Sunday morning’s appointment was tiring but went well. I watched the screen with bated breath as Dr. K checked my follicles and took a few measurements, but it only took a minute for him to announce that I should be able to begin my stims (i.e. ovarian stimulation injections) that night. The only issue he had was some concern over the state of my left ovary (aka the “problem child”). In 2010 when I was 22, it had started to twist, cutting off blood supply and causing significant pain. It’s been eight years, but there was always the possibility that this could happen again, and it seems as though it is now being affected by the scar tissue and endometriosis in that area.
At this point the doctor believes we should proceed with treatment and see what we can get, but when my ovaries inevitably swell later on in my stim cycle, I will be at a greater risk of it twisting. Throughout treatment and the weeks following my egg retrieval, I will need to be mindful of my physical activity and unable to lift Ross. In the last few years I had come to the decision that I was not going to have surgery again (aside from retrievals) unless I am having my hysterectomy. They simply take too high of a toll on me, with too little to gain, to continue at this point. Should something need to be done regarding the ovary, I believe it would be time to remove everything. I have always known that my time to pursue treatment is growing short, which is why we are pushing so hard to do this even when the rest of our lives are unstable. I don’t want to look back and have regrets or watch my last chance go by while I’m waiting for the “right time.” The time is now. I don’t have emotional energy to spare to dwell on “what ifs” so, in the meantime, we are simply relieved to be moving forward.
Sunday ended up being a very long day. We drove home from the appointment and had time for a quick lunch before spending the afternoon downtown at the local arts festival. Once we got home I quickly changed and left for dinner and a baby shower with friends, not coming back home until 11pm. I was exhausted and overwhelmed by the task of relearning how to mix my medication, but together, Kyle and I fumbled through the instructions for a bit before muscle memory seemed to take over for both of us.
I put together a chart to compare my cycles and noticed that my starting dosages are much higher than they were in 2015. The dosages for my first three days of stims are the same as they were for days 7-9, though I know my actual protocol is different (down regulation vs antagonist) and my ovaries took a while to get moving last time. Tomorrow morning I’ll go back for my first monitoring appointment, and I’m interested to see the difference it makes.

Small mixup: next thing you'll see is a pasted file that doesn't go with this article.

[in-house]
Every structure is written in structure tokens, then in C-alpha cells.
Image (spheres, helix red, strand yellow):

When we started the surrogacy process in 2014, I bought a small Paddington Bear while we were in England to carry with me to all the upcoming appointments. It was my hope that someday I would be able to pass it along to a child, and when Ross was born, Paddington became his. It also became a symbol of hope for us, and we have bought and been given many Paddington-themed items over the last few years; we even used him as inspiration when decorating his nursery.
I’ve always known that when it came to the second surrogacy journey, I wanted to have something to carry with me again. I considered getting another Paddington but ultimately felt like that was something special to Ross. It took a while for me to find something that felt right, but several months ago Ross helped me pick out a little polar bear to represent the frozen embryos we are hoping for. This polar bear has stayed on my nightstand ever since (in the same spot Paddington used to sit before he moved to Ross’ bookshelf), and he’s been keeping me company at my appointments:
When I last began IVF treatment, I wasn’t aware of anyone in my life who had been through it. To make things worse, surrogacy was a foreign concept to virtually everyone we knew, and there was a lot to explain. I felt overwhelmed and isolated by our reality. Now, more than three years later, I know dozens of women who have been through the IVF process– there are even several toddlers on my Facebook feed that I’ve followed since their transfer days as microscopic embryos. In many ways, it feels so very different this time around.
Going into this part of treatment has felt a lot like preparing for a battle. We’ve talked about this cycle and how we’ve wanted to approach it for more than 2 years now, and so much has had to come together for us to get this far. It has been difficult and painful, just like before, but I feel incredibly grateful for the opportunity just to try again. There was a time when I did not know if this chance would ever come, and I am ready to reach out and grab it.